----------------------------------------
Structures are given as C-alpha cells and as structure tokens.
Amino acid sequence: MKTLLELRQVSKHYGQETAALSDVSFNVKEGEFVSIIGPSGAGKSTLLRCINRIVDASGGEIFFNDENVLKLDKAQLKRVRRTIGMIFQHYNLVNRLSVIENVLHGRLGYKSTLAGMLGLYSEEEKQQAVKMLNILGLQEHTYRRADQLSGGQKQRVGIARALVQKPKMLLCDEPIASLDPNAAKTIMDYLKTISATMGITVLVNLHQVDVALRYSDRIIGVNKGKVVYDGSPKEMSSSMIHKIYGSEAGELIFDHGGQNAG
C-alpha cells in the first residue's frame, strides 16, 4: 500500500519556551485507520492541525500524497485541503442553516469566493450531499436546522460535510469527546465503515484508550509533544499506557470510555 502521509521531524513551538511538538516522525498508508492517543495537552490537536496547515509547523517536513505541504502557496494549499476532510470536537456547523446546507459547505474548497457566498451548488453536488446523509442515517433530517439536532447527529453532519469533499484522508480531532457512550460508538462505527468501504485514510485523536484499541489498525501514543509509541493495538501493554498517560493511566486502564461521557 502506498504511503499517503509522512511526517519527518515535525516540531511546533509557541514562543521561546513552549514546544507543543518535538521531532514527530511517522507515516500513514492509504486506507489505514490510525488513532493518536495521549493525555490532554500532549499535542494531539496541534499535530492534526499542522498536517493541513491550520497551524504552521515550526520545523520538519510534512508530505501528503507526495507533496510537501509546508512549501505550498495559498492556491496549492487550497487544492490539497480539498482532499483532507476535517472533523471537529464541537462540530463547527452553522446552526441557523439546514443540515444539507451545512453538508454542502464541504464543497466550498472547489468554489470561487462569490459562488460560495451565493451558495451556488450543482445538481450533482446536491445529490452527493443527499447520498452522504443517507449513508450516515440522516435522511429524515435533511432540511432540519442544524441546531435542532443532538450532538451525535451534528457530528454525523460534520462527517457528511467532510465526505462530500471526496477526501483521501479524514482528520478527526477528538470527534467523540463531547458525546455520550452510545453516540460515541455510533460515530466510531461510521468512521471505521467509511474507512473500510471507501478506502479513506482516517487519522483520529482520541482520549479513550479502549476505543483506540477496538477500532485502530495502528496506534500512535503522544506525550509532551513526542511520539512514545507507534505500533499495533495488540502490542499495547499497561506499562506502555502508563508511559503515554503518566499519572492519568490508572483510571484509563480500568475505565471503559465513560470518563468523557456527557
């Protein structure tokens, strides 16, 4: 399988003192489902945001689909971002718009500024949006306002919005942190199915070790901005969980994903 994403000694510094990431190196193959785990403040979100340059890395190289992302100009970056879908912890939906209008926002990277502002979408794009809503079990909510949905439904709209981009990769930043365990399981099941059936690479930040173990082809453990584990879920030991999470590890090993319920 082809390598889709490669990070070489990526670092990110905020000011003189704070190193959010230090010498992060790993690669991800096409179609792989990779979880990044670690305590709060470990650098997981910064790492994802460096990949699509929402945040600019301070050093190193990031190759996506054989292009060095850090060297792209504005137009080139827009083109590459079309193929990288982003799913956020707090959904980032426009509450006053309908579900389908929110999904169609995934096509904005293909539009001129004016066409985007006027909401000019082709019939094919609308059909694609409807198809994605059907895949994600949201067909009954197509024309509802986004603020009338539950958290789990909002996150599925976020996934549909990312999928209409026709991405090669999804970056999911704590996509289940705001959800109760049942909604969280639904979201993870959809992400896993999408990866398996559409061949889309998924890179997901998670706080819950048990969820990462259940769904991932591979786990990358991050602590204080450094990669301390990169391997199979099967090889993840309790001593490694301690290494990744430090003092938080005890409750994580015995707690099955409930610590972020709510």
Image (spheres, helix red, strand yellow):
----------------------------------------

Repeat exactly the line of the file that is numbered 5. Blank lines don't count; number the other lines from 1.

Image (spheres, helix red, strand yellow):